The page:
Jan 23rd 2013
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Ken Burrows (mortgagesforamerica)
#19 ranked lender in Nevada - 572 contributions

Yes I agree with David. Check your old paperwork. A lot of loans are 78% of the loan balance, not the loan to value. In this case you would not need an appraisal or need to prove anything. Simply they are required by law to drop the PMI after 78% of the loan balance. But again it should be spelled out in your old paperwork.

Jan 23rd 2013
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Michelle Curtis Loan Originator NMLS 401173 (EmbassyFundingLLC)
#77 ranked lender in Florida - 2,240 contributions

To expand on Davids point , if you haven't paid the MI for the rquired 5 years on an FHA loan or typically a year on a conventional loan it won't drop. If you have an FHA loan then you may want to look into refinancing into a conventional loan. But be sure and check with your lender and review your loan closing documents before ordering an appraisal

Jan 23rd 2013
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Peter Botros (PeterBotros)
#70 ranked lender in New York - 895 contributions

Yes they can.

Jan 23rd 2013
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Jacob Haddan (JacobColeHaddan)
#69 ranked lender in Colorado - 36 contributions

LRockstein,How much did you put down? I may be able to use the old appraisal and refinance you based on that at one of my investors. Feel free to contact me to discuss the details. Jacob Mobile 720.210.7898 Call or text. Apply online with me at https://secure.web-loans.com/security-logon.aspx?timeout=1PS. 3 months is usually the limit on appraisals but I've been able to do a recert and get that extended if caught before the 91st day. JHJacob Cole Haddan - Mortgage Broker/Banker MAC5 Mortgage Inc. |www.mac5mortgage.com | 225 Union Blvd. Ste. 350 | Lakewood Co. 80228 | Direct/Cell: 720.210.7898|Home/Magic Jack 305-848-8255 | Fax: 720.407.6343 |Toll Free: 866.606.MAC5| Fax 866.426.2203 Regulated by the Division of Real Estate CLICK HERE for my online application NMLS#232061 Colorado LMB# 100007576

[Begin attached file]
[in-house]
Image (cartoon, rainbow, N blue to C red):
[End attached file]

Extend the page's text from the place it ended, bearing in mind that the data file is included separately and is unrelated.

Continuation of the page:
Jan 23rd 2013
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Jacob Haddan (JacobColeHaddan)
#69 ranked lender in Colorado - 36 contributions

LRockstein,How much did you put down? I may be able to use the old appraisal and refinance you based on that at one of my investors. Feel free to contact me to discuss the details. ***********************************Jacob Mobile 720.210.7898 Call or text. *********************************************Apply online with me at https://secure.web-loans.com/security-logon.aspx?timeout=1************************************************PS. 3 months is usually the limit on appraisals but I've been able to do a recert and get that extended if caught before the 91st day. JH*************************************************Jacob Cole Haddan - Mortgage Broker/Banker MAC5 Mortgage Inc. |www.mac5mortgage.com | 225 Union Blvd. Ste. 350 | Lakewood Co. 80228 | Direct/Cell: 720.210.7898|Home/Magic Jack 305-848-8255 | Fax: 720.407.6343 |Toll Free: 866.606.MAC5| Fax 866.426.2203 Regulated by the Division of Real Estate CLICK HERE for my online application NMLS#232061 Colorado LMB# 100007576

Jan 23rd 2013
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Joe Shamie (Joe Shamie)
#5 ranked lender in New Jersey - 1,412 contributions

Most leanders will require an appraisal to prove the value.

Jan 23rd 2013
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Joe Metzler (JoeMetzler)
#1 ranked lender in Minnesota - 3,960 contributions

Generally speaking, there are two options to remove PMI. One is the automatic removal by the lender once the Loan-to-Value goes BELOW 78% of the original appraisal. Regardless of when this is, on Conforming Fannie Mae and Freddie Mac loans, you must pay PMI for at least two-years. On an FHA loan, you must pay at least 5-years. Once you have gone beyond the year limit, it is up to you to prove to the lender the value is below 80%. This is done by YOU paying for an appraisal from an acceptable to the lender appraisal company.

Jan 24th 2013